From wielding a light saber to hearing in 3D to surviving in the boxing ring, our top picks from the Game Developers Conference (GDC) all include Oculus-enabled virtual reality.

The virtual reality (VR) splash at the 2014 Game Developers Conference (GDC) became a tidal wave in 2015. The Oculus headset was everywhere this year, and most new product demos included it in some way.

But while the gaming industry pushes VR, some experts wonder if there is actually a mass market for this $300 to $400 piece of hardware. Will we really use it pervasively, more so than for a five-minute visual experience every so often?

As I wandered around the massive GDC expo floor this year, held in the Moscone Center in downtown San Francisco, I searched for truly inspirational demos, Oculus or not. I wanted to find mind-blowing technology.

I tested almost everything that was testable (except for Valve and HTC’s new headset). And I wasn’t disappointed. From a massive array of new games, hardware, and APIs that could appeal to any sort of developer, here are the top three I can’t forget:

Sixense STEM system

Talk about mind-blowing. This motion tracking system uses a big electromagnetic field that is sent in your direction from the charging base, while the two motion controllers in your hand receive the signal and translate exactly where they are and in what orientation.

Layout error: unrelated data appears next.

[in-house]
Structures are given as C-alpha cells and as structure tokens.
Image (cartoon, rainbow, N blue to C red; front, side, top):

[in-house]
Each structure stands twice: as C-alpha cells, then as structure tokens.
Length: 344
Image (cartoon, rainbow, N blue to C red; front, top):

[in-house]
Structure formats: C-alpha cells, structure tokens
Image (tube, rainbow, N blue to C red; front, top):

Paired with an Oculus Rift DK2, the demo takes you into the world of Star Wars, where you can deflect lasers and play around with light sabers.

What’s amazing is that when you first put the headset on, you don’t have the controllers in your hands—they are shown in the VR world. But all you have to do is extend your hands out to them and they are exactly where your eyes perceive them. It’s extremely intuitive. The tracking is flawless, highly reactive, and really puts the “reality” into the VR experience.

Oculus Rift’s Crescent Bay

Obviously, this list couldn’t exist without Oculus. Their headset has an army of developers preparing content for their official launch, and it was again the star of the show at GDC. Their latest model, Crescent Bay, is the 3rd iteration and the best yet.


442035-oculus-crescent-bayThe step between DK1 and DK2 was huge, and focused on reducing the lag of the virtual world while adding a few capabilities including head tracking. Crescent Bay is a big step toward a consumer release.

Its overall design has been made more consistent and headphones have been incorporated directly. The demo experience was crisp, the audio was great and in 3D, and the amount of available games and experiences is increasing exponentially.

The REALM system

These guys have built a game controller that actually makes you tired, unlike what Nintendo predicted when releasing the Wii, where most people ended up on their couches swinging their wrists.


You have to wear a strap around your chest, which links to two elastic cords attached to grips that you hold in your hands. The device is meant to add force feedback to motion controlling, so when you push your hand forward the cables pull it back, which in turn requires more strength.

The demo was a game of boxing (against a fellow GDC attendee) and consisted of three rounds of the longest minutes of my life. Both players are facing the screen and the harder you hit the more damage you do.

A camera tracks your body to help you avoid your opponent’s strikes and jabs. By the time the second round ended, I was in deep need of some rest, but the combat continued. This was some proper exercise!